Big Tuna Make Season Debut


Big game enthusiasts on the East End finally have something to get their blood boiling again. Some nice-sized tuna put in their first real showing on the offshore grounds over the last 10 days or so, both near and far. The deathly still seas of the early part of last week had a number of boats heading for the offshore grounds. Those that made the long runs to the canyons despite satellite images of water temperatures that were unexciting found a decent pick of fish.

On Wednesday, the Hot Potato—the big gray sportfish below the Montauk Highway bridge on the Shinnecock Canal—came back to Indian Cove Marina with Shinnecock’s first bigeye tuna of the season, a fatty that tipped the scales at more than 260 pounds, I’m told. The fish came from the Dip and fell for a White Water Outfitters bird bar. A nice fish to start the canyon season for Marcel and Andy Pollack’s crew. The Blackfoot, out of Moriches, was fishing right next to them (and actually snapped a really cool photo of them boating the bigeye), and also had a decent trip, bringing home five solid yellowfins up to 70 pounds.

But one didn’t have to run so far on a wing and a prayer to hunt for big tunas. After a year off last year, the inshore waters are teeming with bluefin tuna big and small again this summer. Boats from Montauk to Moriches came back to the docks this week with their bluefin for the scales. The biggest one of the week fell to the crew of Barbaric out of Oakland’s Marina in Hampton Bays. It tipped the scale at 227 pounds—about the largest bluefin a recreational boat can bring to the scales these days, since the slot requires that they be less than 73 inches.

Earlier in the week, the crew of Offshore Obsession weighed in a 124-pounder, and another Shinnecock boat had a 140-pounder. Even the party boat Hampton Lady got in on the tuna action, bringing home a 100-pounder for the customers to share and releasing a bunch of other fish.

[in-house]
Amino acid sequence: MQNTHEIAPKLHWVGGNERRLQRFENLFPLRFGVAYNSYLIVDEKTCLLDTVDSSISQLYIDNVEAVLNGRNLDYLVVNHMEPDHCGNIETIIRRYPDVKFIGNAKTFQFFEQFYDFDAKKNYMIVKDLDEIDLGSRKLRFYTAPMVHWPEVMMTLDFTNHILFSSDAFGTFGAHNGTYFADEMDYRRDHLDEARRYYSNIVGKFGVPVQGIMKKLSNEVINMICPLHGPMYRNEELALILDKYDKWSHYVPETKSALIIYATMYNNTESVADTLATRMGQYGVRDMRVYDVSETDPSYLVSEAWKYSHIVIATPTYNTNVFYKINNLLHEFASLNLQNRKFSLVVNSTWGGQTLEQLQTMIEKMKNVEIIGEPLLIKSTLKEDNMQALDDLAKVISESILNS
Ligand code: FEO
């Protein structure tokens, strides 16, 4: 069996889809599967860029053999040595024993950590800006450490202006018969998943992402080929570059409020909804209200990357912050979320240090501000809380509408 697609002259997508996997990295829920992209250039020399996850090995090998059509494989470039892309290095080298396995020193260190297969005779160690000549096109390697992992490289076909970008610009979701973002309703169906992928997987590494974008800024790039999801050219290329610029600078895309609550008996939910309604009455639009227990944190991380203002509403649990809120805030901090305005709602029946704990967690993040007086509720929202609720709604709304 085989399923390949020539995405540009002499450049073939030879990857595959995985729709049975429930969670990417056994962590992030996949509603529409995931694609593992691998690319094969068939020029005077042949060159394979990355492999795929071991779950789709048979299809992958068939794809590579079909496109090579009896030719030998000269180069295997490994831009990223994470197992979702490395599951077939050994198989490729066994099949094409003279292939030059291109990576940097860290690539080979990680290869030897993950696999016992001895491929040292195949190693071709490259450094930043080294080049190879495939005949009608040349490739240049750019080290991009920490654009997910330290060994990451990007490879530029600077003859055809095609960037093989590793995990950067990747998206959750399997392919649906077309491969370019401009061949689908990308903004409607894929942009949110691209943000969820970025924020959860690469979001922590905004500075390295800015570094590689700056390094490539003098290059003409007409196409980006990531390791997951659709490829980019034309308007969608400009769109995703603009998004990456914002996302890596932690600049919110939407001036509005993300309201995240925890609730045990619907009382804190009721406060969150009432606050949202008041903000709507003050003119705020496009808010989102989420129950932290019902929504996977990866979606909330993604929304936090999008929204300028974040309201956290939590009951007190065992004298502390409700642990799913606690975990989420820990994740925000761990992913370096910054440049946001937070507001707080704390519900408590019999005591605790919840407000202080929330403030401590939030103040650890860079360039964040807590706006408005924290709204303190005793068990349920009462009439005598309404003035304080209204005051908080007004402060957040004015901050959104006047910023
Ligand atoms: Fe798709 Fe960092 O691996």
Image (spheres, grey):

Most of the Shinnecock and Moriches boats are working the Coimbra wreck area, but the fish are holding around other structures, too, along the same 170-200 region. Montauk boats have been getting their share of fish, like the 184-pounder that hit the scales at Star Island Yacht Club from the deck of the Breakwater.

The biggest fish are being taken on trolled ballyhoo/skirt combos, but plenty of nice fish are falling for diamond jigs in the middle of the day as well.

On a sour note, with regard to the bluefin fishery, however: There is pretty rampant disdain for the bluefin regulations these days. Recreational boats are allowed one tuna. Two, three, even four fish are ending up in the fish boxes of far too many boats. We are enjoying a robust bluefin fishery, and the future of giant bluefin fishing is looking good after a couple of decades when there was real concern that these fish could conceivably become extinct. The Mediterranean fleets are still slaughtering their cousins, but we have good rules and should follow them as closely as we can.

Bass fishing wilted a little bit in the extreme heat of last week. The bunker that had been hanging close to shore seem to have hightailed it for the deeps and took the larger fish that were in the surf zone with them. Schoolies are abundant off Montauk, though, and this week’s east winds could spell a hot surf bite. The rips and sound bites have shifted to deep waters now and will probably stay that way for the next few weeks.

Fluking is still easy-peasy off Montauk and inside the south shore bays.

Catch ’em up. See you out there.

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